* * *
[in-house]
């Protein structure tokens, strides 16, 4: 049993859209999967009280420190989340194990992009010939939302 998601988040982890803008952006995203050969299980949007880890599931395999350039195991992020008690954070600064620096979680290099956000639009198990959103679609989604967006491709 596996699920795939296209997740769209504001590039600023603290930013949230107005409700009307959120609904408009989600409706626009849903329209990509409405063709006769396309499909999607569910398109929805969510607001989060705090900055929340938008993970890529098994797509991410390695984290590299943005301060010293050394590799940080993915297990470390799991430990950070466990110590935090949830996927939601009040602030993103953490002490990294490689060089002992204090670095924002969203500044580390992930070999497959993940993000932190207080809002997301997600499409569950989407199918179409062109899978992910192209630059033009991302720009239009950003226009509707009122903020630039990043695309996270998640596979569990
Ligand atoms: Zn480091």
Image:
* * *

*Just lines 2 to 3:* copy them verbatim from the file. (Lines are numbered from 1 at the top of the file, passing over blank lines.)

């Protein structure tokens, strides 16, 4: 049993859209999967009280420190989340194990992009010939939302 998601988040982890803008952006995203050969299980949007880890599931395999350039195991992020008690954070600064620096979680290099956000639009198990959103679609989604967006491709 596996699920795939296209997740769209504001590039600023603290930013949230107005409700009307959120609904408009989600409706626009849903329209990509409405063709006769396309499909999607569910398109929805969510607001989060705090900055929340938008993970890529098994797509991410390695984290590299943005301060010293050394590799940080993915297990470390799991430990950070466990110590935090949830996927939601009040602030993103953490002490990294490689060089002992204090670095924002969203500044580390992930070999497959993940993000932190207080809002997301997600499409569950989407199918179409062109899978992910192209630059033009991302720009239009950003226009509707009122903020630039990043695309996270998640596979569990
Ligand atoms: Zn480091």